Margo’s Post: Farm Focus on Farmer Tom’s (and Farewell!)

Editor’s Note: Seacoast Eat Local has so enjoyed having Margo this summer and has benefited immensely from her work with us during what has been an extraordinarily busy time for us! We wish her well on her impending school year and hope to see her around the markets!

Also, as a former 4-H Coordinator for Strafford County and lifelong member and volunteer, I loved hearing about the roots of Farmer Tom’s in a 4-H Project! 4-H is vibrant in New Hampshire and October marks the beginning of our 4-H year, a perfect time to sign up your children between the ages of 5 and 18! Although the roots of 4-H are agrarian, we now boast a variety of animal, agriculture, science, service, outdoor and crafting clubs! If you can dream it, you can do it in 4-H! For more information on getting involved with 4-H, visit our state website


Community – what has made being a part of Seacoast Eat Local so extraordinary. I have looked forward to seeing the welcoming vendors, our new and frequent customers, and of course, members of the SEL staff. This week marks the last week of my internship at SEL for the summer, the week before my semester courses start up once again. Thank you to everyone who has been able to share this experience with me – you have made it special.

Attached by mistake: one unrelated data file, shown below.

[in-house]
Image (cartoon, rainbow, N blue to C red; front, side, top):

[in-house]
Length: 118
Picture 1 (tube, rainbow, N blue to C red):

Community is also cherished by Lisamarie and Tom Horne of Farmer Tom’s vegetable stand – not only do regulars flock to their stand in Farmington, but also to their stall at the Rochester Farmers’ Market. Lisamarie’s gorgeous glads draw loyal customers to both locations, with vibrant colors ranging from plum purple to variegated yellow and red to salmon pink. Farmer Tom’s range of vegetables is also something to be admired – with large bell peppers, bright orange carrots, large deep purple beets, bright yellow summer squash, and more such as onions, two kinds of potatoes, and corn to come.